Baudin’s black cockatoos at Araluen Botanical Park

Don’t you love it when you don’t expect to see your favourite cockatoos show up?

 

 

While on an evening trip to Araluen (I highly recommend their basic membership which gives you unlimited entries for a year), I stumbled upon a flock of Baudin’s black cockatoos. My passion and dedication, as well as the volunteering opportunities at Kaarakin transformed me in an expert on how to recognise the Baudin’s cockatoos from the Carnaby’s cockatoos by only listening to their calling sounds!

Carnaby’s sound like “weela, weela”, while Baudin’s sound more like “witcha witcha” or “bunyip bunyip”.

Sadly the number of Baudin’s is estimated to be below 10,000 and the species has been officially added to the threatened species list in 2018. I feel very privileged when I see a flock of Baudin’s and get to spend some time observing them and their family dynamics. This flock had a few youngsters (called juveniles), from last year’s breeding season. Their calling sound is different from adults. They sound more like “rrrrr rrrrr” (the begging sound). Their body is hunched, their wings are usually as close to their body as possible and their seem to be begging when their parents are next to them.

Usually if the youngsters stick to a tree while the parents go and feed somewhere else, it usually means that they will come back to the young ones. So there was a pretty good chance that they will stick to the Araluen park yesterday and they did so I managed to get a few photos.

It was very tricky as the black cockatoos like to be on top of the trees, ¬†and even though I applied exposure compensation, the images can still appear dark. I found working with the Sigma 150-600 mm tricky as in the evening, the light dims quickly and to compensate, I need to increase the ISO value and use exposure compensation which in turns slow the shutter speed. It’s a vicious circle, as it means increasing the ISO even more. I tend to stick to max 4000 as I feel that after that the quality is compromised… What about you? What is your method to take photos of black cockatoos?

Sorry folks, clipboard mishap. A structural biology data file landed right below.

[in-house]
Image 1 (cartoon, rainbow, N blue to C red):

On another note, if you have a close look at this photo, you will see that this female has shabby feathers. I am not an expert regarding this condition, but I tend to think that she could be an “old girl”. I have read a few articles about the ageing population of black cockatoos and some researchers think that the decline of the black cockatoos population might also be due to the ageing population which reproduce less. This combined to the lack of food, lack of hollows and lack of habitat have contributed to the decline of the Baudin’s black cockatoos.

The feathers condition shows it could be an old Baudin’s cockatoo

 

What can you do to help black cockatoos?

  • Lobby your council and government
  • Fight for a stronger EPA act
  • Help preserve native habitat
  • Plant a black cockatoo friendly garden
  • Participate in planting days
  • Support Kaarakin Black Cockatoo Conservation Centre
  • Finance artificial hollows/ make hollows

 

 

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